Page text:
Dawn smiled to herself. She had meant the expectation of a friendship to be between Alex and herself, but clearly he had missed the point. Big surprise! But Dawn knew she wanted to make the effort with both, no matter where it might lead. And where it could possibly lead was simply not all that clear!
For the next several hours they experienced the early stages of an evolving relationship based on understanding who one was, where they had been, and what they had become -- instead of simply mutual support during the emergencies of the moment. For the next several hours, they talked about themselves, their lives, and their histories. Alex even managed to talk about his alcoholic father whom he had lost at the tender age of thirteen, the subsequent years of trying to survive financially with his mother on their small cattle ranch in Texas, and the following years as a commissioned officer in the U. S. Navy. The latter had come about as an expedient in getting his college education despite the shortage of family funds. It had been after the Navy years of obligatory service Alex had returned to school and received his Ph.D.
Then there was the long, slow climb up the professorial career letter, occurring simultaneously with the failing marriage -- the latter which had been doomed in the early years but which had not become officially dissolved until the children had grown up and left the nest. With the dissolving of the marriage, the university career had lost most of its luster as well, and Alex had begun the long search for a life's work with meaning -- a path with heart. It had been then he had met Gil and found the best part of his life.
In response, Dawn had described to Alex her early flashes of intuitive genius, her highly skeptical and obsessive father (whose degrees in engineering afforded him little understanding of his daughter's talents -- at least those outside of the logical and rational opinions of narrow minds). There was also her mother who simply had no imagination beyond her suburban home and small family.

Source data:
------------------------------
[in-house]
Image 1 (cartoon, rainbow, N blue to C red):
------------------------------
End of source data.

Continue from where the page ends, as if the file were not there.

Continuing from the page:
From the moderately restrictive family scene, Dawn had graduated to the college of humanities where she had learned of her duties and responsibilities in the American Dream scenario. This was followed by two years of rebellion in the evergreen forests of the Pacific Northwest, and then a brief career as a computer consultant (i.e. salesperson) in San Francisco.
Finding the corporate life dismal at best, Dawn had eventually retreated to her parent's original intention for her; marrying a good provider, giving birth to two delightful children, and ending up in Seattle as part of the Boeing Corporation's large, extended family. But for Alex, it was Dawn's detailed description of her life following the loss of her family in an auto accident that most captured his attention. Losing children at such a young age seemed incomprehensible to him. Despite the fact that for Dawn, the tragedy now seemed to be a very, very long time ago.
By the time they landed in Nairobi, there had been a notable increase in the strength of their bonds, and Dawn felt much more comfortable with where they were now heading.
In Nairobi proper, Alex did himself proud. While Dawn acquired lodgings without having to use a passport, Alex found an English pilot named Scott, a gentleman of the old school who had long since been expelled for conduct unbecoming said gentleman. In short, the man was a maverick having come from a country with a very limited supply of mavericks. He had nevertheless managed to retain a sense of honor and daring, along with the Englishman's traditional quality of assuming England would always rule the world. And for good reason: No other country had the personal style appropriate to such an ambition.
The plan was set for the Englishman to ferry two eccentric Americans to Axum on the following morning. In the meantime, they would spend the remaining afternoon hours enjoying a good meal in Nairobi, and then retire early for a legitimate night's sleep. Dawn had arranged for two private rooms, separated by an adjoining bathroom. But as she drifted off to sleep, she decided that had been a mistake. Henceforth, she determined, they would be sleeping together, regardless of whether or not there was any sex involved. At least, she could enjoy the suspense and mystery that would naturally occur from being in the same room, if not in the same bed. Such is an aspect of life most prized: Not knowing what is about to happen next, and delighting in the unknowing. It was the best way of dealing with the world -- especially a world which seemingly had a mind of its own.